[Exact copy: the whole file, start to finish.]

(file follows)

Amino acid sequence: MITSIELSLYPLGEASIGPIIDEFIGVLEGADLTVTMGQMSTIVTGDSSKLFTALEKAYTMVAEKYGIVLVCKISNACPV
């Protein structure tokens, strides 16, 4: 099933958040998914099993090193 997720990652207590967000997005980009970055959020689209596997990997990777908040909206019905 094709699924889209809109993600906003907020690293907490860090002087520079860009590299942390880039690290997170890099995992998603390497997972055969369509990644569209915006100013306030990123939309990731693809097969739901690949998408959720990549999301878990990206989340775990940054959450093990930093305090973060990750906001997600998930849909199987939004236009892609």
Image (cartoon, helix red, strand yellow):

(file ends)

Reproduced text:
Amino acid sequence: MITSIELSLYPLGEASIGPIIDEFIGVLEGADLTVTMGQMSTIVTGDSSKLFTALEKAYTMVAEKYGIVLVCKISNACPV
């Protein structure tokens, strides 16, 4: 099933958040998914099993090193 997720990652207590967000997005980009970055959020689209596997990997990777908040909206019905 094709699924889209809109993600906003907020690293907490860090002087520079860009590299942390880039690290997170890099995992998603390497997972055969369509990644569209915006100013306030990123939309990731693809097969739901690949998408959720990549999301878990990206989340775990940054959450093990930093305090973060990750906001997600998930849909199987939004236009892609």
Image (cartoon, helix red, strand yellow):